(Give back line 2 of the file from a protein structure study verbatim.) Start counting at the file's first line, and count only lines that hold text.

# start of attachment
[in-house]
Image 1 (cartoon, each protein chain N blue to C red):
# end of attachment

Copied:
Image 1 (cartoon, each protein chain N blue to C red):